Featured image’s source is NASA.
The struggle between enlightenment and spirit, detached reason and emotionally embedded life, is one of the characteristic conflicts of modernity. It has played out in arguments and in art, in politics and policy. Charles Taylor has traced the contours of this and related conflicts with remarkable skill and subtlety.
The 1954 science fiction story “The Cold Equations” is a useful example. A middling midcentury parable that is long on exposition and short on plot, it sets up a stark scenario in which fellow feeling and detached reason are at odds, but the latter must necessarily triumph.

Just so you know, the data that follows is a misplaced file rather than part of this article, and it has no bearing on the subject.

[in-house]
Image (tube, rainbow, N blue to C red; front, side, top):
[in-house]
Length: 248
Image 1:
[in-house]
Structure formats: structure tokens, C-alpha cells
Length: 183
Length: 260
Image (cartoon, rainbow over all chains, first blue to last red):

Author Tom Godwin describes a future in which resource constraints on the frontier of space allow for almost no margin of error. They give ships just enough fuel for the exact amount of mass they are carrying. So any stowaway must be tossed out into the void immediately, or there won’t be enough fuel to decelerate, and everyone aboard will die.